“Someone said to me once, after the first time I preached at their church, I didn’t know

what to think when I heard you were black…but you’re good!

 

“I wonder if they know I don’t receive that as a compliment. I take no pride in being a good Black…good enough to measure up to their standards set for a black preacher.”[6]

 

Now, we might think to ourselves, here in St. Louis, we would never do that!  We would never reject someone because of their skin color!  We would never say that another cultural heritage must not be Lutheran, as though we own the Lutheran trademark! 

 

Well.  I wonder if Jesus’s hometown folks in Nazareth thought this, too, that they would never miss out on the reign of God. 

 

Reverend Chaney said that her goal in speaking about her experience is not to make people feel guilty but to move people to action, to be the church God is calling us to be.  Jesus calls us as children of God and as disciples and sends us out to share the gospel, to heal and to cast out unclean spirits, and wherever the message is not welcomed, to shake off the dust on our feet as we go. 

 

What we—especially white-skinned Lutherans—need to realize is how fortunate we are to have leaders like Reverend Chaney, who bring a message of God’s grace and are bold enough to stick around and keep proclaiming. 

 

She says that when people get angry because talking about race is too political, she wants to shout that this isn’t about politics, it’s about love.  But she says then she remembers that she can’t shout because then she might fit the “angry Black woman stereotype” that gets Black women uninvited from the table and she knows she can’t affect change if she’s not at the table. 

 

She says that the hardest thing she’s ever done is build a Lutheran church for people of color when she knows the institutional church is not yet for them.  She wonders if she is breaking her ordination vow to “not give illusory hope.”  So why does she stay?  What keeps her going?  Here’s Reverend Chaney in her own words:

 

“So, why do I keep doing the toughest thing I have ever done?  Because I believe God and I believe in the theology of this church. I believe Jesus comes to the places where people can’t breathe. Jesus comes to the people whose necks are being crushed and Jesus lays right there beside us, pushing against the weight, too. Jesus continues to come to broken people in broken churches and continues to fight to put us together and mold us into the church we are becoming.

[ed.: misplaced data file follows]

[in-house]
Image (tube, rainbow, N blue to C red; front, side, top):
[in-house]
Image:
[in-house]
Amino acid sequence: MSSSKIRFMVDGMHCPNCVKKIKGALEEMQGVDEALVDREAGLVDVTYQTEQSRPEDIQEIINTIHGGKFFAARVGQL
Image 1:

“I believe that I am saved by grace through faith in Christ Jesus. I believe you are too. And, so are all the people who are on the margins in this world…I am called to share the good news with them that the Lord meets them there on the margins and…I want to tell them that there are those who are willing to fight to help them breathe.  If I did not believe this, I could not be both black and Lutheran.

 

“But, I do, so I continue to work to help create the church I hope we are becoming.  A church where we stop questioning whether a person is Lutheran enough and instead start reframing that question to expand Lutheran identity to include lived experiences beyond those rooted in only certain cultural expressions. 

 

“A church where we understand Lutheran worship as Gathering, Word, Meal, Sending expressed in culturally relevant ways. A church that realizes one can be Lutheran and not sing ELW setting 3 every week. A church where we check ourselves on this whole idea of what it means to be “Lutheran enough” because the vast majority of what I hear people call “not Lutheran” has absolutely nothing to do with Lutheran theology and everything to do with whether the way someone else worships matches the way they worship in their own congregation.

 

“The church I hope we are becoming is a church that is willing to work inside out to dismantle racism in the systems closest to us…A church that will go into the places and spaces unfamiliar and uncomfortable to us because we love the people there enough to go, even at risk of making ourselves uncomfortable.”[7]

 

Are you willing to risk discomfort for the sake of proclaiming God’s word and God’s enduring love for all creation?  Are you willing to find contentment with weakness, insults, hardships, persecutions and calamities, alongside Paul?  Are you willing to submit to God’s power so that you might heal others and even cast out unclean spirits like racism? 

 

Will you listen for God’s call, guiding you to dismantle the oppression that ensnares us in unhealthy patterns of relationship, and can you yourself be liberated and also set others free?  Is God’s grace enough for you?  Can you let your own weakness be a witness to God’s great strength made perfect? 

 

Reverend Chaney, the mission developer, has no words of condemnation but mercifully sends us out with a blessing:

“Go, hear the stories of the people in your community. Go, observe their lived experiences. Go, show up and just be with people. And, when you do, you will figure out how to serve them. When you hear their stories, you’ll come up with creative ways to do ministry alongside them. Ways to join what God is already doing in and among them. Because, let’s be clear, God is already in your neighborhood with them. You don’t need to save them. Jesus did.”[8]

 

Amen. 


Pastor Cheryl


[1] 2 Corinthians 12: 9

[2] Raj Nadella, “Scandalous Wealth,” “Living the Word” column in Sojourners magazine, commentary for July 7, 2024, page 48, July 2024. 

[3] Ibid 49.

[4] Reverend Tiffany Chaney, “Living Lutheran: My Story,” https://revtifc.wordpress.com/?s=living+lutheran

[5] Ibid.

[6] Ibid.

[7] Ibid.

[8] Ibid.